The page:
Voice of some Hungarian teachers on the Student Voice Conference in Edinburgh
‘The Edinburgh Conference was a well-organized event.
We really enjoyed the group-work, where we had to cooperate with other (Scottish, Irish, Dutch, Slovenian) teachers and with Scottish students. The students were smart and extremely helpful.
We also liked the presentations of the schools. The students were fully aware of their presented topics.
We were familiar with the group-work and with the discussion on the various posters where there was a host presenting the poster to the others.
The game was new for us. We really liked the ’Parcel’ game where we had to give a parcel from hand to hand and when the music was stopped, the person with the parcel had to open it and answer a question in connection with student voice topics.
We often have projects in our school; therefore, we can imagine the Happiness Project to adapt it to our students’ needs.
In addition, we really liked the idea of having breakfast together as a class, but in our case, the situation would be different, since we mostly have better-off students in our school.
Senior students guided us, which was the best part of the school visit. Who can introduce a school better if not a student? We were amused by their enthusiasm and kindness.
We could visit several classes, where we could experience how student voice is heard.
We were able to have a look at the special education centre, which was very interesting for us, since our school has integration.
Ross High School is well equipped with great opportunities to listen to student voice.
We always look for the opportunities to start a professional conversation with colleagues. We would have been happy to talk to the teachers whose lessons we had attended. Otherwise, the school visit was just perfect.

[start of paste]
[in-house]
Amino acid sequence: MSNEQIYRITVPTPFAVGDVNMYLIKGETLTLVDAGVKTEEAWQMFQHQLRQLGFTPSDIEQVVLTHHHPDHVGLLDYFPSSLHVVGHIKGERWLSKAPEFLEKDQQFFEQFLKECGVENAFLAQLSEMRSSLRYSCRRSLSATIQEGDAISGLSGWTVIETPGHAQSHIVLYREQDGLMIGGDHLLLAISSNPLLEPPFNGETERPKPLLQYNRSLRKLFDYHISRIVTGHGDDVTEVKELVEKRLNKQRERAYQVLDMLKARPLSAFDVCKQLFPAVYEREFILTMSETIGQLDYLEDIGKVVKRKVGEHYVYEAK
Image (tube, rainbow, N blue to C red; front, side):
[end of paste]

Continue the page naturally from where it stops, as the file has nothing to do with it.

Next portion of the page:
Teachers from a Hungarian primary school’
‘I am very grateful that I could attend this conference. It was good to see the many students who were eager to talk about their school. I liked the idea of teachers' well-being. I am sure that teachers – as well as students - need encouragement and positive feedback. I will share this idea with my colleagues in my school in Hungary.
At school visit the kindness and neatness of children was so charming. They loved their school, their teachers and each other.
I had a lot of experience in these two days, but I can hardly use most of them in primary school.
a Hungarian primary school teacher’
‘It was a pleasure to participate in the teachers’ conference in Edinburgh. I enjoyed students, proudly talking about their school.
I heard about several good practices to support students in participating in their school life. Such was the Breakfast Club, or different technics for short feedback. In the school visit I saw a voting method which impressed me a lot.
In the visited school, I met with nice and intuitive students. I experienced their popularity and appreciation in their school community.
It is very important, that the efforts for engaging students in their school life is supported by the government in Scotland.
Thanks to this event, my English has evolved. I can speak much more boldly (even if wrongly) in English, and my efforts were appreciated by native English speakers as well. J
a teacher from Hungary’